Staff Book Reviewer Jessica Maybury is a recent graduate of the MA in Writing programme from NUI, Galway, Ireland. Her work has appeared in Nth Word, Word Riot and Prick of the Spindle, among other places. Her Web site is jmaybury.blogspot.com.
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Noel Sloboda’s poetry collection, Stages, is a beautifully bound chapbook from sunnyoutside press. Sloboda is a dramaturg for the Harrisburg Shakespeare Festival, and teaches at Penn State York; such a background in Shakespeare and education informs the poems, giving them a rigid spine of fact and truth.
The chapbook smells of olden times, and the poems within seem to echo back to a quieter, grander era.
Sloboda’s poems all reference Shakespeare’s plays, using cues from the texts as pathways into the poet’s personal themes and issues such as addiction and lust. A throwaway line from Macbeth transforms itself into a near accident while shaving (hungover). A performance of A Comedy of Errors becomes a study of a past relationship. Transformations multiply in such a short sequence of poems, enthralling the reader with an acrobatic grace that is difficult to resist.
The collection brings the form and intention of poetry into question: where is the line between poetry and performance? It is not so easily defined here, as poetry in/as/of performance moves both on and off stage. There is a blurred line here between the actor and the audience, between the written and the spoken word.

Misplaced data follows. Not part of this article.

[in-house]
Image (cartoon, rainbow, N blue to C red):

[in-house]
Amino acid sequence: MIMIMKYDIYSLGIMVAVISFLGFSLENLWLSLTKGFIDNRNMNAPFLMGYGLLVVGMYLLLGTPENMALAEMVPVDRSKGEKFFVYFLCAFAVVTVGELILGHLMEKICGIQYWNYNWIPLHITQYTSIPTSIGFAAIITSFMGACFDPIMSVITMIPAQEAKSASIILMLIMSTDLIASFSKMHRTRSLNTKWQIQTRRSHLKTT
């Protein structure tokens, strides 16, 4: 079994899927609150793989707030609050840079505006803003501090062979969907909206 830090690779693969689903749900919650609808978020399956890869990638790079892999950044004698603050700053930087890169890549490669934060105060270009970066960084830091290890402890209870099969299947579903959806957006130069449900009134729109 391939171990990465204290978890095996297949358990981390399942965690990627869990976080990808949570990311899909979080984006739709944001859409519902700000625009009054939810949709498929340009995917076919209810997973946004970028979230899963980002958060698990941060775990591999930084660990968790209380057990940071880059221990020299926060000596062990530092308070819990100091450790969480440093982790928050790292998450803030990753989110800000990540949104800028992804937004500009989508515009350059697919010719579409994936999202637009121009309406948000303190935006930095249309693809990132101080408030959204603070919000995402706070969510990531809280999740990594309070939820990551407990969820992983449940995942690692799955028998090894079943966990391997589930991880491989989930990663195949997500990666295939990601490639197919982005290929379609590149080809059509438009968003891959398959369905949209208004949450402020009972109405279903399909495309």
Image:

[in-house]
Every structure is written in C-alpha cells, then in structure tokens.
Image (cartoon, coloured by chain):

Being the audience for such a collection is a slightly unnerving and meticulously layered experience, almost like a projectionist watching the film he is simultaneously projecting. There is also another angle to consider: the life of the poet bound up with the words of Shakespeare, and the relationship through words that exists between these two writers. Another example of such a relationship is that of Sylvia Plath and Virginia Woolf—Plath found empathy and kinship in the words of Woolf, just as Sloboda does here with Shakespeare.
Unfortunately, however, this collection doesn’t seem to really begin until the fourth poem (“Strut and Fret”); there is little sense of conviction until then. This false start renders the collection disjointed, but everything runs smoothly after that.
Another problem I have is that it’s slightly too contrived and stiff; the poems never seem to flow freely or find their feet on their own.
These qualms aside, I often found myself surprised by this, and enjoyed its gentle playfulness.
Official sunnyoutside press Web Site